Scientists at Plymouth Marine Laboratory are developing new methods to rapidly assess the biodiversity of living organisms on beaches and other marine environments. They have already found many new creatures which have not been classified in previous studies.
The research is part of a programme called RAMBLERS (Rapid Assessment of Marine Biodiversity Linked to Environmental Remediation Studies.)
One of the objectives is to create a comprehensive inventory of marine plants and animals. The research, funded by Defra, also investigates how elements of the flora and fauna within this small community can be used as a representative sample for total biodiversity.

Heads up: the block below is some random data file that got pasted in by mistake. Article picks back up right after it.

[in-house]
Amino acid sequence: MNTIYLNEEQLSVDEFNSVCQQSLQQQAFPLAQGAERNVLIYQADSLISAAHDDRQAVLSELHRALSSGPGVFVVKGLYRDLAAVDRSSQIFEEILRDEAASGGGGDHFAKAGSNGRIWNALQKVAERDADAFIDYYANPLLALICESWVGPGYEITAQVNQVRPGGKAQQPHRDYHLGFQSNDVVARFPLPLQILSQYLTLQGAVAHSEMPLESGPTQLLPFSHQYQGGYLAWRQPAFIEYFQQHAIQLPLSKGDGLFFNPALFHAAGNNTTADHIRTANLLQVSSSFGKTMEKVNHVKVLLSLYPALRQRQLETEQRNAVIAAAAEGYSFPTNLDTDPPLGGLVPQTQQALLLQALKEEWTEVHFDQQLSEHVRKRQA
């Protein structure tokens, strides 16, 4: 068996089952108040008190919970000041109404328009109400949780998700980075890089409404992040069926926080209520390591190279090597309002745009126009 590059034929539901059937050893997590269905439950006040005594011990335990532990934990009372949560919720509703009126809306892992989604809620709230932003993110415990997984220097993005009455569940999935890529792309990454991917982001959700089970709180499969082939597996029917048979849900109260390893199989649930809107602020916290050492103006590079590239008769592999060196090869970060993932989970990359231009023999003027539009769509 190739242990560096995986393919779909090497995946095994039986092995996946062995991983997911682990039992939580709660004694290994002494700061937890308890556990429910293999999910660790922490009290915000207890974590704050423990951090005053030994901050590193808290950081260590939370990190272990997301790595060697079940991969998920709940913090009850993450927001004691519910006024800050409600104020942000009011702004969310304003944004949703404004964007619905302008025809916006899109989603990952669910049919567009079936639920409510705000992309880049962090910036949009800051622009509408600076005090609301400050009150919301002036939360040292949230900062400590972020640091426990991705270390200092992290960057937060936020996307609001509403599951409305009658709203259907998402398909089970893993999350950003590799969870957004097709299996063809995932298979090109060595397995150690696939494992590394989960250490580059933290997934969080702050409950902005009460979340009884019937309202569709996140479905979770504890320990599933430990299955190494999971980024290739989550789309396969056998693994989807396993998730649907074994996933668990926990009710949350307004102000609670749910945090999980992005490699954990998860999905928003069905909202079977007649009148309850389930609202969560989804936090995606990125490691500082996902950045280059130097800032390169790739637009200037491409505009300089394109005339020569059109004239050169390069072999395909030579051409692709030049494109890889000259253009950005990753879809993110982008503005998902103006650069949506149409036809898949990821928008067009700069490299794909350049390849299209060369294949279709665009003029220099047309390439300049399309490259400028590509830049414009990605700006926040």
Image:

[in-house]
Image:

Patricia Mariotte | alfa
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Researchers from the University of Hamburg in Germany, in collaboration with colleagues from the University of Aarhus in Denmark, have synthesized a new superconducting material by growing a few layers of an antiferromagnetic transition-metal chalcogenide on a bismuth-based topological insulator, both being non-superconducting materials.
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